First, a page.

Friday, February 27, 2015

Book Review: The Shadow Throne by Jennifer A. Nielsen

Title: The Shadow Throne (The Ascendance Trilogy #3)
Author: Jennifer A. Nielsen
Enjoyment Rating: ****
Source: Library Copy
Content Alert: Violence

In the first book of Jennifer Nielsen's The Ascendance Triology, Jaron rose from orphan boy to king of Carthya. In the second book, he fell in love. In The Shadow Throne, the final installment of the trilogy, both his kingdom and his love are under attack. Jaron, who always has tricks up his sleeve, works to foil his rivals and deals with some unexpected hurdles along the way as this series drives to a satisfying conclusion.

I find myself looking at The Shadow Throne from two perspectives. I'm the mom of ten- and fourteen-year-old boys, both of whom are reluctant readers of fiction. If they're going to keep reading a book, there needs to be lots of action and fighting. They're not really interested in the development Jaron's character over the three stories, and they're only marginally interested in love. If Nielsen is writing to that audience (and I think she is), then she nails it-- this book is nonstop fighting and action, with epic battles. But, I'm more interested in how a character changes over time, and with so much happening in every page of this novel, there's not a lot of room for character development. So is the book written for preteens or for their mother? If for them, it's definitely a winner. If it's for me, the reaction is a bit more mixed.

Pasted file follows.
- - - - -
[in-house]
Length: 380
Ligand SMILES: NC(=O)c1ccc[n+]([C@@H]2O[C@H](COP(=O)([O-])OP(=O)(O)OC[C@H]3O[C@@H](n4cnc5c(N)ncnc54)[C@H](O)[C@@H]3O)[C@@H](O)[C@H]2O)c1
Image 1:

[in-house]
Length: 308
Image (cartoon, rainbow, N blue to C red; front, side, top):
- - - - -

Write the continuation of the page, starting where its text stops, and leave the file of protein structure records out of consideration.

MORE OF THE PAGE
Thursday, February 26, 2015

Book Review: To The Mountain: One Mormon Woman's Search for Spirit by Phyllis Barber

Title: To the Mountain: One Mormon Woman's Search for Spirit
Author: Phyllis Barber
Enjoyment Rating: *****
Source: Digital Copy